The addition of a capacitor of the appropriate value across the output of the trigger can have the effect of inactivating the trigger for a short period of timing after a flash discharge. The value of the capacitor depends on the make of the flash unit; also, this trick may not work for all flash units. For a Nikon SB800, a 2.2-μf capacitor works, but this same capacitor doesn't work with a Vivitar 283 flash unit. For the latter, use a 100-μf capacitor.


If you're using a sound trigger on a breadboard, the addition of a timeout capacitor is simple. Refer to the photo below. First, change the connection of the red wire of the flash trigger cable from 9A to 9C. Then connect the positive leg of the capacitor to 9A and the negative leg to the ground column.


trigger cable


If you're using an SK3 sound trigger, which is built in a project box, the easiest thing to do is add the capacitor to the flash trigger cable. Instructions for this are given below. This method also works if you have an MT-PCB2, MT-PCB3, or an MTE-PCB and are using the direct output of the sound trigger.


Click on the images for larger versions.


trigger cable Start with the trigger cable that connects the flash to the SK3 switch output.
cable with insulation removed Carefully cut away about an inch of of the gray insulation. Then cut away about a quarter-inch of insulation from each of the red and black wires.
cable with capacitor attached If you have a polar capacitor such as the one shown in the photo, note that one leg of the capacitor is longer. This is the positive leg. Take note of this leg. Now cut down the legs of the capacitor to about a quarter inch long. Then wrap the positive leg around the red wire and the negative leg around the black wire. Before soldering, you may want to test the cable with you sound trigger to make sure the timeout function is working. Connect the cable to your flash and trigger. Then tap the microphone twice in quick succession. If the timeout is working, the flash will discharge with the first tap but not with the second. After a brief time, tap the trigger again to see that it's functional once more. If the timeout function didn't work, first make sure you have the capacitor connected with the correct polarity. Try switching the legs. If that doesn't do it, try a capacitor with a different value.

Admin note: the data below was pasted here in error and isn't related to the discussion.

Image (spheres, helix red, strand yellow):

soldering the legs of the capacitor Once you've verified that the timeout function works, you can solder the legs of the capacitor to the cable.
taping the cable Wrap electrical tape around the bare wires to keep them from touching each other and producing a short.